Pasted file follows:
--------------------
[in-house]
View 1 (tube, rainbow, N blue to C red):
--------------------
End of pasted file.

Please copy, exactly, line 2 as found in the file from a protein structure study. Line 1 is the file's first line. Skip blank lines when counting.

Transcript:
View 1 (tube, rainbow, N blue to C red):